This means that there was no way he could be an armchair critic.
Utomi’s way of “yes” to Nigeria and her possibility to is to retort a “why not?” to the anguished and resigned chorus of those in the “Siddon Look Movement” who ask why we should bother about Nigeria and her consistent failure as a nation. It was therefore so apt that he would make his optimistic retort the focus of a book aptly titled Why Not: Citizenship, State Capture, Creeping Fascism, and Criminal Hijack of Politics in Nigeria (2019).
This is an autobiographical narration of the author’s immersion in Nigerian politics, and perspectives on how it could be better. It is a book that speaks in a timely manner to Nigeria’s current security and governance challenge, and how we should be begin to reflect on solution, even though it was published almost two years ago.
In the Preface to the book, the author categorically states that “why not” is the response to “the question ‘why bother,’ which is posed by those who believed that criminal capture of political parties in Nigeria is complete and that those outside the league of cult members, 419ers and con men have no chance of breaking in.” The book is Utomi’s own way of recoiling from cynicism, and spelling out fundamentally his vision for retrieving Nigeria from imminent collapse.
Utomi’s thesis is simple: politics has underdeveloped Nigeria since the founding fathers calibrated a vision of how Nigeria’s plurality ought to be managed. Politics in Nigeria, rather than being emancipatory on behalf of the citizens, has rather become a cult of personality dedicated to advancing the selfish and greedy interests of those who are committed to siphoning the commonwealth.
This led to the crowding out of legitimate and genuine participants and citizens who could contribute their quota to making politics work for Nigeria. And this, in Prof. Utomi’s reckoning, is the reason why so many had folded their arms and assumed the attitude of “why bother?” the “why not?” retort, Utomi insists, “should be a clarion call of a people determined to prevent their lives from being determined by a cluster of cultists, conmen, fraudsters and treasury looters masquerading as politicians and political party leaders.”
These people consolidated their fetish grip on politics with the terrible understanding that people do not matter, even in a democratic experiment.
To get the people, Nigerians, back into politics and reform the odious politics that exclude them and steal their commonweal through state capture, Prof. Pat Utomi has two solid recommendations. First, he demands that we hold the Nigerian middle class responsible. By “middle class,” Utomi has in mind the intellectuals, the professionals and the civil society—the academics, the business professionals, the religious leaders, the students, and the media professionals.
The middle class is already complicit in state capture and the rape of the commonwealth because it has lost its moral authority. It has been reduced to an impotent and angry social media force that merely resort to name calling. The other side of the equation is to reform the political party dynamics that consistently make it practically impossible for those who genuinely want to participate to do so. Party politics has effectively become the competition of the rich and the wealthy.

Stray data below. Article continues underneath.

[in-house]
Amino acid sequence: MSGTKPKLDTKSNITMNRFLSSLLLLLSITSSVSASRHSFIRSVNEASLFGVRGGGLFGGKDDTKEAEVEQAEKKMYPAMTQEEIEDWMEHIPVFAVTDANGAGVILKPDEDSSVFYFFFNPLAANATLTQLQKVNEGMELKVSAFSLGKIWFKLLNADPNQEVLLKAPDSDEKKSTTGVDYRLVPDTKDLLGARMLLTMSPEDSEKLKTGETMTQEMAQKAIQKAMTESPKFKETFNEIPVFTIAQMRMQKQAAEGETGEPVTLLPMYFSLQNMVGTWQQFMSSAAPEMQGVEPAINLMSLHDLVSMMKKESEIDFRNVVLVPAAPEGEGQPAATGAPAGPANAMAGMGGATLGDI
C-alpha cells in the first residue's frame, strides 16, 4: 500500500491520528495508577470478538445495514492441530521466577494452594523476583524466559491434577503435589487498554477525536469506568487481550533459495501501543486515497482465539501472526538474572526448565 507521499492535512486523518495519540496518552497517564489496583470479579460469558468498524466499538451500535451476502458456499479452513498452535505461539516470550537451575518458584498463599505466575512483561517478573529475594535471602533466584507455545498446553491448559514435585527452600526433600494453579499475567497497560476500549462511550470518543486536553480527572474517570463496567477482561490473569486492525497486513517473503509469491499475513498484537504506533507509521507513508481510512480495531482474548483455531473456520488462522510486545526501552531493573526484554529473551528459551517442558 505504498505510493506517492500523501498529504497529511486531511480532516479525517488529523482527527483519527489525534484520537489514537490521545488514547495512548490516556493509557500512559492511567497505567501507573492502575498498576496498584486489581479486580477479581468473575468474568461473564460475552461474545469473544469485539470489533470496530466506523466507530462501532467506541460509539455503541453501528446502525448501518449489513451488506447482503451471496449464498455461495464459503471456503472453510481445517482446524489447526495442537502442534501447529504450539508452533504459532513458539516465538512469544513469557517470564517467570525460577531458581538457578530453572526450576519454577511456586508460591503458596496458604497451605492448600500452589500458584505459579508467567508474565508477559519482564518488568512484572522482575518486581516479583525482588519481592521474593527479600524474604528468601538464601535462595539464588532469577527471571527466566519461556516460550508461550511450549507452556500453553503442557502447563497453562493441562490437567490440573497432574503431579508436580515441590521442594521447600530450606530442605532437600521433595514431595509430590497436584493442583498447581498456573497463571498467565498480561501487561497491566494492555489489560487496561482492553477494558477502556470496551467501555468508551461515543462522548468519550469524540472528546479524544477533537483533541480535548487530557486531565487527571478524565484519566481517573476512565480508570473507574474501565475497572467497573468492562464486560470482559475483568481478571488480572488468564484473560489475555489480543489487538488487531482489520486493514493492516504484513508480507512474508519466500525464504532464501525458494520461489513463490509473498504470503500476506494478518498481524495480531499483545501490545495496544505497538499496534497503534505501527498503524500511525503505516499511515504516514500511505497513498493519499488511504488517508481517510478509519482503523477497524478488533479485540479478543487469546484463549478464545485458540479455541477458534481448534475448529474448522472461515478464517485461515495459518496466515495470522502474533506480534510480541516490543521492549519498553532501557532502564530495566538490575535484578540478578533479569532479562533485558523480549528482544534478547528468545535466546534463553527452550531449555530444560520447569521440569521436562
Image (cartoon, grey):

Essentially, Utomi insists that Nigeria’s salvation demands the emergence of a purposeful new elite with new vision and new values that will become the foundation of new structures and institutions.
The reformer in me rejoices at this recommendation. This is because it has been the focus of my agitation for institutional reforms for many years. Pat Utomi’s larger concern is to draw this new elite from the larger class of professionals and civil society, while I focus on new public managers with the capacity to birth new institutional philosophy on which democratic governance can be remodeled for development. This is the imperative of rehabilitating the Nigerian project and making it achieve its ultimate goal of achieving national integration and national development through a developmental Nigerian state.
To this end, Pat Utomi calls for the revolution of the enlightened leadership as a possibility that is only equaled by the revolution of the popular masses. When he wrote Why Not in 2019, the #EndSARS protest that shook the foundation of Nigeria was just a few months away. I suspect that Utomi would have been elated by the protest, but ultimately disappointed by its conclusion, as most of us were.
But the protest gestured at the possibility of hope that has animated Prof. Pat Utomi and other concerned Nigerians for so long. The #EndSARS protest tells us essentially that Prof Utomi is right in his assessment of the Nigerian state, and that his vision is solid. We will need to reevaluate the politics that has kept us down for far too long. And we have started already. And why not?
Prof. Tunji Olaopa
Retired Federal Permanent Secretary
& Directing Staff, National Institute
For Policy and Strategic Studies
(NIPSS), Kuru, Jos